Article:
The economics of the deposit are based on a production rate of 800,000 tonnes a year for nominal annual production of 16,400 tonnes of cathode copper a year and 3,800 tonnes a year of cathode cobalt. The cobalt credits would in effect cover the cost of copper production. Production could expand by 50% to 1.25 million tonnes a year for a potential production of 25,000 tonnes of copper and 6,000 tonnes of cobalt metal a year.

The mining of Kalukundi would involve conventional open pit selective exploitation using a mining contractor. Africo Resources expects to operate a multiple four pit, multiple cut back method which will require timely pre-stripping and blending of ore to maintain continuity of feed.

The mining based on the original feasibility study was modelled using a waste to ore stripping ratio of 4:1. Africo Resources CEO and president Tony Harwood predicts less than 3.5:1 stripping ratio in the early years of mining. The planned life of mine based on that feasibility study is ten years, with a payback period of four to five years depending on metal prices and input costs. The project has targeted the lowest cost quartile in terms of operating costs.

Harwood says that anticipated capital expenditure to build the Kalukundi project will exceed the US$210 million described in the original feasibility study, however, the company is well capitalised having raised some Cd$100 million in a placement in June, 2008. It would look to raise an additional capital to fund the development of the project when markets and metal prices look more certain.

“We would elicit support from African based financial and development institutions and our partners. If possible we would look to source as much of the finance as possible as debt funding.”

After the finalisation of financing the project, which would use solvent extraction electrowinning (SXEW) to produce both cathode copper and cobalt metal, would be as little as 18 months away from production. South African metallurgical plant designer and builder MDM completed the study on the process plant, which in all likelihood will be modular to allow for ease of expansion of the project.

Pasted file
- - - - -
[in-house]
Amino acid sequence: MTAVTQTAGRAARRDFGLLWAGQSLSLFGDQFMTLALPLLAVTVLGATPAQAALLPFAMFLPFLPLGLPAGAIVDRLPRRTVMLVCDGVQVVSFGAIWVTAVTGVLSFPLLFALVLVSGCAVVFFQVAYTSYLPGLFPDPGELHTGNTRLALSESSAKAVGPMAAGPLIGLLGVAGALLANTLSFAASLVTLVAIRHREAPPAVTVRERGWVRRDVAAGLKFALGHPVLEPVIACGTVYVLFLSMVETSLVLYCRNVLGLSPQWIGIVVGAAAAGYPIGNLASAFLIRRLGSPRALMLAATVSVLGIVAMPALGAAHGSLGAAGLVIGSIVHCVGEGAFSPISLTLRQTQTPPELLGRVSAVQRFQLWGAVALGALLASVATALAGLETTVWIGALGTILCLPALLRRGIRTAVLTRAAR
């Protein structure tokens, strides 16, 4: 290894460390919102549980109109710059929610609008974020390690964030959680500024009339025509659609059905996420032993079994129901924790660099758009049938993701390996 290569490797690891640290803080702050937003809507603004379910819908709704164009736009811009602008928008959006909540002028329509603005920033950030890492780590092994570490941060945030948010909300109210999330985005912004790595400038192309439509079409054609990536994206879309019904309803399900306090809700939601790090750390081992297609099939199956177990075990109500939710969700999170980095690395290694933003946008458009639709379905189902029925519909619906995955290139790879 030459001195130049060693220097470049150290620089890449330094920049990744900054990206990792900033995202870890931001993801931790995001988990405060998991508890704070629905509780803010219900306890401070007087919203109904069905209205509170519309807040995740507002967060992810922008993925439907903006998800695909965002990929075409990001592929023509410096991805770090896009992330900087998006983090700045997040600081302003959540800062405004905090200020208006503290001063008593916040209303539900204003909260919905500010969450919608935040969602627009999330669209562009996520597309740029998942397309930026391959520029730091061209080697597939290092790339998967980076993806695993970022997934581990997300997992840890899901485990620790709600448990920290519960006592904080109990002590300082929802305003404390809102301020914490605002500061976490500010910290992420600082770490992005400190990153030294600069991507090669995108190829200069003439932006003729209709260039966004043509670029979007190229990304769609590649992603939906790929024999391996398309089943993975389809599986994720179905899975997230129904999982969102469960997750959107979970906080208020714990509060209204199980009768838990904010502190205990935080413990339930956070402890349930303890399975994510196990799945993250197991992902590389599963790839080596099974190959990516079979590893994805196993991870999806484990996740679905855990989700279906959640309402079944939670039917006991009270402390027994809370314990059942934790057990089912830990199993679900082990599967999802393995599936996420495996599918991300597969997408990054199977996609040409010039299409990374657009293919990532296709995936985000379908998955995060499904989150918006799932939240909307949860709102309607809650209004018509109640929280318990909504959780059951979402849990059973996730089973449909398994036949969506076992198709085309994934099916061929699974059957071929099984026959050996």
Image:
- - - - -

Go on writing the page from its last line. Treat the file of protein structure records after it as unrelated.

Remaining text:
Outcrops at the Kalukundi site
in the Katanga copperbelt
of the DRC.

Plans are advanced in terms of moving a village of some 250 families from the mining site. And the company has been active in implementing social programmes, including a market garden project, hygiene and sanitation campaigns, anti-malaria and HIV/AIDS awareness campaigns, and the establishment of a fresh water depot and a school for the nearby Kisankala village. In addition to the Kalukundi project Africo has rights in terms of a purchase agreement to the adjacent Mashitu property.

It also owns the rights to three large scale prospecting licenses for gold in north-eastern Zambia, which cover the main parts of the Mporokoso sedimentary basin. The licenses cover a strike length of some 280 km, over an area of some 5,850 km² in the south-eastern margin of the main Mporokoso basin, as well as sub-basins containing prospective Mporokoso group rocks.

The Mporokoso basin has very similar geology to the gold rich Witwatersrand basin in South Africa and the Tarkwa basin in Ghana, both major gold producers. Previous work included eight reverse circulation boreholes and six diamond core drill holes which have intersected gold mineralisation. Further studies are under way to define the best areas of the basin in which to focus the search for economic concentrations of gold mineralisation.

Africo Resources, with one asset poised to be a low cost producer in one of the world’s prime copper jurisdictions, is looking for other opportunities that may come about as a result of the global downturn, including assets that are in pre-production in the region.